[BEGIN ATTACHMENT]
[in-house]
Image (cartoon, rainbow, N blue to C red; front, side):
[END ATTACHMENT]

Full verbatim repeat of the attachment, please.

[in-house]
Image (cartoon, rainbow, N blue to C red; front, side):